Writer, activist file PIL over women’s right to worship
The petitioners have claimed in the PIL that besides the Shani Shingnapur temple there are countless other temples, particularly those dedicated to deities like Hanuman, Shani and Kartikaye that bar women worshippersmumbai Updated: Mar 02, 2016 19:28 IST
Extending the debate on women’s right to worship, two women from Pune have filed a public interest litigation (PIL) in the Bombay high court, seeking intervention.
The PIL has been filed by noted Marathi writer Vidya Bal and social activist Nilima Varta.
The petitioners have claimed in the PIL that besides the Shani Shingnapur temple there are countless other temples, particularly those dedicated to deities like Hanuman, Shani and Kartikaye that bar women worshippers.
Bal and Varta have claimed that such discrimination goes against the principles of gender parity and equality as guaranteed by the Constitution.
They have also claimed that the Constitution does not speak of enforcing any bans based on gender in the name of right to religion and thus, such band imposed by temple trusts across Maharashtra are unconstitutional.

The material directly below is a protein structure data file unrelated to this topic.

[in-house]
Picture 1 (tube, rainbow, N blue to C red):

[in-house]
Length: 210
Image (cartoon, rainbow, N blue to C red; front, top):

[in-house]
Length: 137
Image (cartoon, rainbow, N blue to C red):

A similar petition filed by slain rationalist Narendra Dabholkar and his organisation, the Maharashtra Andhashraddha Nirmoolan Samiti (MANS), is already pending hearing in the HC.
Bal and Varta have now urged the court to club their new petition with the plea filed by Dabholkar in 2000.
The plea filed by Dabholkar too claimed that there are hundreds of temples in the state where women are banned from entering. In this plea, MANS has sought permission for women to enter all such temples where they are forbidden.
The HC is likely to take the new PIL, filed by Varta and Bal, for hearing later this month.